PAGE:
If you plan to visit both cities and the countryside, I’d recommend renting a car only for the countryside part.
Driving in Italy: How are Italian roads?
So you’ve decided to rent a car for your trip to Italy. But what exactly are you getting into?
In Italy you’ll be driving on roads the fall into one of the following categories:
- Autostrade (Motorways) – these are Italy’s highways and are toll roads. When you enter a highway you must first pass through a ticket booth to take an entry ticket. When you arrive at your destination, you must pay the toll using the entry ticket. Cards and cash are commonly accepted, but be wary of the “Telepass lanes” (electronic toll collection system). Telepass isn’t usually included in car rental agreements, so don’t use the reserved lanes assuming you have it unless it’s specifically stated in the agreement. According to recent legislation, if the driver fails to provide proof of the exit point, he or she will be fined the toll from the point of entry to the end of the highway. Speed limit is 130 km/h (81 mph), it may be reduced to 110 km/h (68 mph) in the event of bad weather condition.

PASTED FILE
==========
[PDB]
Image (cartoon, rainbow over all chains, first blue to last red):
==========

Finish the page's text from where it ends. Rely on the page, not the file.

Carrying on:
- Strade Statali (SS) – are Italian freeway or National roads and you don’t need to pay the toll. The Italian national roads are of various shapes and sizes, ranging from wide, straight roads to curved, narrow roads. They can be main state roads with a speed limit of 110 km/h (68 mph), which is reduced to 90 km/h (56 mph) in bad weather condition, or secondary roads with speed limits ranging from 70 km/h (43 mph) to 90 km/h (56 mph) depending on the road. There may be short stretches on both main and secondary roads where a maximum speed of 70 km/h (43 mph) is required, but this must always be communicated by road signs.
- Strade Provinciali (SP) – Provincial roads are Italy’s local roads and they range from large, well-maintained roads, similar to secondary state roads, to small country roads. Smaller roads have speed limits ranging from 50 km/h (31 mph) to 70 km/h (43 mph), depending on the road. Speed limit is always displayed with road signs.
Driving in Italy: 8 tips to drive like a local
Italians have a reputation for being crazy drivers, and you may encounter some, especially in cities. But, in general, I believe that we are great drivers, it’s only a matter of getting to know our driving habits: